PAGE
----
Pastor Paul Enenche on Monday shared a photo of himself, Bishop David Oyedepo, and Peter Obi in what appears to be an endorsement of the Labour Party (LP) presidential candidate, saying “the way to go”.
“A picture they say is worth a thousand words. This picture was randomly taken by a photographer some time ago but is speaking volumes right now, especially in this season,” the Founder and Senior Pastor of the Dunamis Gospel Centre wrote on his Facebook page Monday evening.
“What do you see? What can you hear? Are you in doubt about the way to go? The way of integrity, authenticity, honesty, sincerity, simplicity, humility, capacity, productivity; here is the way to go.”
The move comes in the wake of Obi’s backing by a cleric Apostle Johnson Suleman of the Omega Fire Ministries.
Obi, 61, has emerged as the first third-party candidate to challenge the dominance of Nigeria’s ruling All Progressives Congress (APC) party and main opposition Peoples Democratic Party (PDP) which between them have governed since the end of military rule in 1999.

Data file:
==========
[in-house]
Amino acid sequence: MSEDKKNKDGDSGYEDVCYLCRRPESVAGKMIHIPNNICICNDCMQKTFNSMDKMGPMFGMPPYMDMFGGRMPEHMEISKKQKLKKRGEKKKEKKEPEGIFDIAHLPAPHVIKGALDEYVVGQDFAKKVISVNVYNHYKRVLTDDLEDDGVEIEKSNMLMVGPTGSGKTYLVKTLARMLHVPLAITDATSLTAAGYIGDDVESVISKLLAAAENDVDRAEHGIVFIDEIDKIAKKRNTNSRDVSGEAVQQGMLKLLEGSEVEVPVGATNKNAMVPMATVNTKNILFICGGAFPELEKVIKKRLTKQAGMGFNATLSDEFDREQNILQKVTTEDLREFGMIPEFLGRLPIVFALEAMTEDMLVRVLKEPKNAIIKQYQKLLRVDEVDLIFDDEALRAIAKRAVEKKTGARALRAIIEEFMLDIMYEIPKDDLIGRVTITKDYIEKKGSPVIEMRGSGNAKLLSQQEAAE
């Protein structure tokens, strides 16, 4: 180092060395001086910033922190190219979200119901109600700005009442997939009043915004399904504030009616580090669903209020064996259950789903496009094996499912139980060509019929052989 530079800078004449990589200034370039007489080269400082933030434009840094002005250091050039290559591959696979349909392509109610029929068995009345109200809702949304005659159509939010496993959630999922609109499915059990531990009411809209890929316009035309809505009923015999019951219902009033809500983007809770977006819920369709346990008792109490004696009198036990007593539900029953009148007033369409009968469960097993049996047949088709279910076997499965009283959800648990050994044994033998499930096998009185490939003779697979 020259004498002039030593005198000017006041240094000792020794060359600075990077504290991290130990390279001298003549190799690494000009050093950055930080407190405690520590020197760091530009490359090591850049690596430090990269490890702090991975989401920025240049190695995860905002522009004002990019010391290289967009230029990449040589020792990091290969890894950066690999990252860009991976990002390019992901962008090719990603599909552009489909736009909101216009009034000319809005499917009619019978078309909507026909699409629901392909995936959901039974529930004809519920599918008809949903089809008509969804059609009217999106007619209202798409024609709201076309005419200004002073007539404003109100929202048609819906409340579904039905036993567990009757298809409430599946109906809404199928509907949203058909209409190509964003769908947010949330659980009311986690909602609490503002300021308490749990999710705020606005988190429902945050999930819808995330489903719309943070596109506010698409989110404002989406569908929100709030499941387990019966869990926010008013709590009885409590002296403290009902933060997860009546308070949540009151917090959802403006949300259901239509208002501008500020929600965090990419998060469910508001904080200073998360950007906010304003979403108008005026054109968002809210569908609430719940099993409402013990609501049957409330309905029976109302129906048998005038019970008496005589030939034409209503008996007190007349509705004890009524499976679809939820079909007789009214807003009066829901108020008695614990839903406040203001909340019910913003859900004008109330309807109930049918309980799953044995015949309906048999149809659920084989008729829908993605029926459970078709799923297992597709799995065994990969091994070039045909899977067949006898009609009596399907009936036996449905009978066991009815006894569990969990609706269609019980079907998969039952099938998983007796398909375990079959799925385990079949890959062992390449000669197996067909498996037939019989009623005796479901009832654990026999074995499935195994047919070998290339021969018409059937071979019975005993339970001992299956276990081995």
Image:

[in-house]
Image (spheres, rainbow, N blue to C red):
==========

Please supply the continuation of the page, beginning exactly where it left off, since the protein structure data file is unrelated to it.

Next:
Nearly 100 million will vote on February 25 in Africa’s most populous nation to choose the successor to President Muhammadu Buhari, who steps down after two terms with Nigeria struggling with widespread insecurity and economic malaise.
A former southeast Anambra state governor, Obi has captured the interest of many young voters with a campaign offering hope for change from the patronage politics and old-guard candidates fielded by the mainstream parties.
Some polls show Obi leading, but analysts say the wealthy businessmen faces a challenge to win over enough voters in the mostly Muslim north, a key block of ballots that helps determine Nigeria’s election.
To win the presidency, candidates must garner the most ballots and also 25 percent of the votes in two-thirds of the country’s states.
Nigeria is almost equally split between the mostly Muslim north and a predominantly Christian south with three main ethnic groups, Yoruba, Hausa, and Igbo, and hundreds of local languages across the country.
Election campaigns in the past often featured candidates appealing to their ethnic base to win over voters.
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